Based on: Romans 4:1-5, 13-17
What if your boss handed you your paycheck and it had a little bow on it with a card attached and the card said, "Please accept this generous gift I am giving you. Signed, your boss." Would you be a little upset? Would you want to talk to your boss and make sure that he didn’t start thinking too highly about himself because of how generous he thought he was? You might want to explain to him that this check wasn’t a gift but it was what he owed you for the work you did. Or what if someone gave you a gift, but then said, "Now I want you to cut the grass and shovel the sidewalks around my house for a year in exchange for this gift." You might quickly give the gift back to him, because a gift that needs to be earned is not really a gift.
We know the difference between a gift and something that we receive in exchange for work done. Our eternal salvation is truly a gift. It is a gift that we receive only through faith, not in exchange for work done. Because salvation is a gift from God. We can be certain that it is ours.
Many Jews who lived at the time of Jesus and at the time Paul is writing this letter to the Romans didn’t understand salvation as God’s free gift. The Pharisees, in particular, believed that they had to earn God’s favor – that they had to do work so that God would give them their paycheck at the end of their lives. They especially looked to Abraham as their great patriarch. If anybody could earn that paycheck, Abraham could. But they didn’t understand that Abraham also trusted in his salvation as a gift from God.
Paul points out clearly that God gave Abraham the promise first. Abraham trusted God’s promise, and through that faith, God considered Abraham righteous. It was only after the promise that God gave the command of circumcision – for the Jews the command of circumcision was the symbol of everything that it meant to be a Jew and to live according to God’s law. The great patriarch Abraham did not earn his salvation but received it as a gift.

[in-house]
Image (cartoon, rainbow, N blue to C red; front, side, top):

It is not only the Jews who have a problem accepting salvation as a free gift. The same problem exists in all human beings. It goes against human nature to except heaven as a gift. We want to work for it. After all, for most of our lives we have to work and pay for the things we want. It is not the norm to receive things for free and when you do get something for free, doesn’t the thought cross your mind, "Where’s the catch?" or, "I’ll have to pay him back somehow or do something for him in return." Finally, it comes down to this – if God forgives my sins and gives me salvation for free, then I can’t take any of the credit for my salvation. And it is human nature to want to say, "I helped God out."
This temptation to want to earn our own salvation runs deep. In catechism class there is occasionally on the quizzes a True or False statement such as, "We obey the 10 Commandments so that God will let us into heaven." or "We want to do good things so that God will love us." Both of those are false and yet they sound so right to our human reason. The just seem to make sense.